Hello everyone, had a very eventful day today. I got up early to get to the Ferry terminal at 7am, only to find that due to the weather the ferry had been delayed. When it arrived there was a big hole in it so the trip got cancelled. As the other company, Interislander, had already sailed. So the option were hang around in Wellington, get the later ferry and hang around in Picton (small town nothing to do) for 2 days to get the next bus, or fly over. as the flight was only 30 mins and $35 more than the ferry would have been some of us flew over in a tiny 12 seater airplane. I mean this this thing was small, it was like the planes you go skydiving in. Due to the bad weather we couldn't even land in Picton (where the ferry docks) so we had to go the Blenhiem, a larger town about 1/2 hour away. So after getting the shuttle to the airport then the tiny airplane in we had pretty bad weather for landing. It is honestly the only time I have been scared in and airplane, we were getting tossed around like a kite in a thunder storm. The views over the mountains and the Cook Straight were stunning but I really couldnt appriciate them. We did manage to somehow land safely, and it was actually one of the smoothest landings ever!!!! We then got the shuttle back to Picton and found the big orange Stray bus.

The bus then stopped off at a vinyard and we got to taste some wines (i've had better although its the first time I ever had a Charrdonney I could drink, normally that stuff is horrible) and on to Able Tasman National Park. We have a whole day here tomorrow and its right on the coast so there is sailing, kayaking and water taxis to take you places. Unfortunaltey I am not made of money so I will be hiking tomorrow after a nice lie in. It was very dark when we arrived so I can't really tell you much about the scenery.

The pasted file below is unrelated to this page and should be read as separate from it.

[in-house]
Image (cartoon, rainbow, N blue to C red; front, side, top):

I got put in and 8 bed dorm to save money, buy Its very strange. Its like someone put 8 beds in a corridor cos you go in from the kitchen and outside to the bathrooms. There are also stairs to the private rooms in our dorm so I'm not sure how I'll sleep tonight, I'll put pictures up though, its very unique. And I'm very glad I got earplugs!!!

Monday, 18 April 2011

The Drive to Wellington

Got up at about 8 this morning and got ready to leave National Park. It was very cold and windy but clear skys so we got great views of Mt. Ngauruhoe, Mt. Doom from LOTR. On the way down we stopped in Ohakune, a town famous for carrots, and Taihepe which is famous for gumboot (wellingtons) throwing. We had a go at throwing some boots, there is an area of grass with some high fences around it. Imagine tax-payers money being spent on fences for boot throwing!